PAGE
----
An engine’s revolutions per minute (RPM) can fluctuate for several reasons, which can both annoy and damage it over time. The diagnosis can be difficult because there are so many possible explanations for their occurrence. Petrol and diesel cars have similar issues, therefore it doesn’t matter which one you have. However, each engine type has its own set of unique characteristics.
Main causes and symptoms of engine RPM fluctuations
Extra air in the engine
Extra air in the engine can create abnormal RPM, which can be caused by broken pieces of the air system, leaks in vacuum lines, or faulty connections in the air lines and hoses. It’s common for the throttle valve to suck in air when it comes into contact with the manifold. If the engine is cold, this problem is more likely to occur, but it doesn’t usually.
Air system parts responsible for varying RPMs include:
- A bad throttle gasket. The throttle valve has the role to control the amount of air entering the engine, if the gasket is bad, excess air will pass through it and you will feel an engine power loss
- Cracked or worn pipe that goes from the air filter to the throttle assembly. This situation is the same as above, excess air can enter through cracks and this can cause engine RPM fluctuations.
- Bad or worn injector o-rings. Bad injector o-rings are a natural cause. They wear out over time and need replacement. Because of worn o-rings, excess air enters the combustion chamber, which causes the engine power to drop. This symptom is best seen when the engine is cold because the o-ring diameter is smaller, as the engine warms up, the o-ring increases in diameter and engine RPM fluctuations are not present anymore.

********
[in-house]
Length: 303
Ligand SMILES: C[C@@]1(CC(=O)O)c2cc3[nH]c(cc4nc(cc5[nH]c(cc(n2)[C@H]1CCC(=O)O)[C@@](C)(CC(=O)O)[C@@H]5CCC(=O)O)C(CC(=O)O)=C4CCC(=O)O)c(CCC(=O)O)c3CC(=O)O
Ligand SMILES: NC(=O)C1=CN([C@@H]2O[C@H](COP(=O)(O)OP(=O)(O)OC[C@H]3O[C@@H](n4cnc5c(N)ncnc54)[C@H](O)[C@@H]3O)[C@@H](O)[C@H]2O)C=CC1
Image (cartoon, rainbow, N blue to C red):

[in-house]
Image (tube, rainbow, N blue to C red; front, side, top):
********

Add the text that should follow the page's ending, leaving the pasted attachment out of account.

- Worn or cracked vacuum hoses. Extra air can enter through cracks of the vacuum hoses, causing abnormal RPM. Checking them is not that easy, so be patient
- Bad absorber solenoid valve. This valve can also be responsible for extra air. The valve is controlled by the ECU based on information from a large number of sensors. Usually, the “check engine” light appears and you need an OBD scanner to be sure.
- Bad idle speed regulator. Designed to maintain idle speed at fully closed throttle. If it fails, then with the throttle closed, the engine will simply stall. If the idle speed regulator is unstable, then the engine speed will fluctuate.
- Bad intake manifold gasket. A very common fault of engine RPM fluctuations, if the intake gasket is worn, extra air enters the system which causes this problem. You should check this problem first if you see these abnormal fluctuations.
Low fuel pressure
Another reason why the engine’s RPM fluctuates is due to low fuel pressure. It is possible that low fuel pressure is due to
- A bad fuel pump. A damaged fuel pump is the most common cause of low fuel pressure. The pump can fail due to a bad bearing, damaged electrical wires, and worn out blades.
- Dirty fuel filter. Another common cause of fluctuating RPM is caused by a dirty filter. This is a good reason to change it constantly when you change the other filters and oil
- A bad fuel pressure regulator. A failing fuel pressure regulator will cause engine RPM fluctuations, however, if this fails, then the engine will stall.